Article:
Open Air Squares and to watch the world go by.
I would take them for a walk along the River Thames say walk from Westminster to Tate at the Millieum Bridge this is about one and half hour walk. You get to walk past London Eye,London Aquarium, Shakesperes Globe Theatre and the Tate. There is plenty of places to eat and drink along the route from pubs, restuarants and places like Eat and Pret if you want a sandwich on the run.
As you get to the bridge you can see St Pauls Cathedral.
I love this view at night as its beautiful to see the whole city lit up.
I also love Docklands as well as there is plenty of restaurants and bars in the area.
My other view in London is sitting in Leicester Square as it is going dusk and watching the sky changing and watching the millions of people flocking into the square from all walks of lifes. My best memory of London is the free musuems, our transport network, and endlist range of resturants.
What i miss most i know it is crazy, its when you land at a UK airport and you know you are home in Blighty.
I also miss my football team when im out of London as i dont know what the scores are.
Visit the Tower of London,...
Visit the Tower of London, walk around the city. Check out the museums. My favorite was the Museum of London. I loved riding the Tube. I quess my destiny is to live in a walking city, I love good public transportation! (Circa Boston, MA)
This is one of my favourite parts of London. Many tourists come here to visit the British Museum, but not all of them take the time to explore its pretty squares and historic streets, which I think is a shame.
Part of its charm lies in its coherence. Despite many modern intrusions, it is still easy to capture the spirit of the development of this area by the local Russell family in the 17th and 18th centuries, when they turned it gradually it into a fashionable residential area. More recently, in the early 20th century, it gave its name to the Bloomsbury Group of writers and artists, many of whom lived in the area. These included writers Virginia Woolf and E. M. Forster, and artists such as Duncan Grant, Vanessa Bell, and Roger Fry. One of the delights of Bloomsbury is the large number of leafy squares, many (but not all) open to the public. These include:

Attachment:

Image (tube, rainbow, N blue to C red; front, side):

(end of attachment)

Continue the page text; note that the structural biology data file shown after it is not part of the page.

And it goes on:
Bedford Square – one of my favourites in terms of architecture, with some of the best-preserved Georgian town houses in London, although unfortunately for most of us the square itself is only open to residents (photos 1-3)
Russell Square – has a central area large enough to almost feel like a small park (its open-air café is a pleasant place to pause for refreshments), the grand Russell Hotel on its east side, the 1930s bulk of Senate House, part of the University of London, on the west and on the south side some more lovely houses (photos 4 & 5)
Bloomsbury Square – another of the open spaces (and actually more rectangle than square), with more lovely houses on three sides and on the fourth, east side, the ornate Victoria House, the one time home of the Royal Liverpool and Victoria insurance company, now an office block where until recently I was lucky enough to work
Queens Square – there is often a good fruit and veg stall here, and the Queen’s Larder pub in the south west corner is a great summer evening drinking spot (OK winter evenings too – it’s quaint and cosy but rather small)
Tavistock Square – not quite so attractive as the others, but notable, unfortunately, as the site of one of the 7 July 2005 London bombings, to which there is a small memorial in the north east corner of the square
Tyburn Manor House
At the time of the Norman Conquest the area now known as Marylebone consisted of the manors of Lisson and Tyburn, the latter so called because of the stream flowing southwards towards the Thames, from Hampstead, through land owned by Barking Abbey. This Tyburn stream (from Teoburna - boundary stream) followed the line of Marylebone Lane.
At the dissolution of the monasteries (1535-40), the land passed to the crown and the northern half of the region became a royal hunting park (now Regent’s park), the manor house opposite the church (at the ‘Marylebone Road’ end of the High St.) was converted into a hunting lodge by Henry VIII and large pleasure gardens were built behind it by 1650.
Monuments and Memorials (2) Cenotaph
Intended as a small part of the Peace Day events of July 1919, the Cenotaph was designed and built by Edwin Lutyens at the request of the then Prime Minister Lloyd George. However, all these years on from the end of the Great War the cenotaph is the annual focus for the nation when remembering the fallen from all conflicts since "the war to end all wars".
The 11th hour of the 11th day of the 11th month is Armistice Day and in the UK, we focus on the nearest Sunday to this date to mark the time with a 2 minutes silence. It is still very poignant and emotional all these years on from 1918.
The monument is located in Whitehall, which is the heart of the British government and civil service.